I have always loved to read, and since ditching the television I am of course finding the time to read more, which is wonderful. I’ve found that my tastes have changed a great deal in recent years, a natural progression I am sure, given that I am now in my late 30s, and at a different stage of life, as a relatively new mum. Gone are the days of being sucked into a Jane Green or a Marian Keyes for relaxation – for some reason the old style chick lit just doesn’t hold my attention the way it used to. I’ve always mixed the chick lit with the more highbrow stuff, both have their time and place. Nowadays, however, my “chick lit” seems to be a good Joanna Trollope, which is a bit worrying – can I really have reached that stage?!
Whilst backpacking in Southeast Asia a couple of years ago I discovered many new authors in the book exchange stores and guesthouse swap shelves over the seven months or so we spent wandering around over there. Choice can be quite limited so you’re forced to try books you might otherwise not consider or even come across, which is a great thing. For example, I read all Wally Lamb’s novels and loved them. I also read George Orwell’s Burmese Days, while in Burma. It was incredible to go up into the hill station outside Mandalay and actually see all the colonial houses, the clubhouse, places Orwell probably visited during his time as a police officer in Burma. During that trip I also read J.G. Ballard’s Empire of the Sun, reread A Passage to India by E.M. Forster, and worked my way through several other novels set in colonial times in places such as Singapore and Malaysia.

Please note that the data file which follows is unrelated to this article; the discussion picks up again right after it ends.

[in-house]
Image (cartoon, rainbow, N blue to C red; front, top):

On many occasions during that trip and during a previous extended stay in Southeast Asia, and particularly when visiting Burma, I felt ashamed and embarrassed to be British. I am no great expert on all the historical details of the time, but it seems clear that the British took everything they wanted and more, and left broken countries in their wake when they departed. Not to mention the abhorent, inherent arrogance and racism of Empire. However, I have always had a fascination for Merchant Ivory type films and novels about the British Empire and there was something so special about reading about those times in their proper settings.
I haven’t read anything of this nature for a couple of years now – motherhood does tend to limit one’s concentration span and free time I have found! – but last week in the library I happened upon Bone China by Roma Tearne, which is set in Sri Lanka (where I have not yet been) in the early 1940s, as the British are preparing to depart. I find I can really disappear into this novel, which is wonderful, escapist relief, and much appreciated particularly at the moment when I am having some issues sleeping and relaxing. It is also a thousand times better than watching mindless nonsense on the telly to wind down! So, I am now compiling a list of similar titles to get from the library and I plan to escape into the days of Empire as much as possible in the few short weeks left until my daughter is born. If you have any suggestions, please share!
Blogtoberfest 2012, 29/31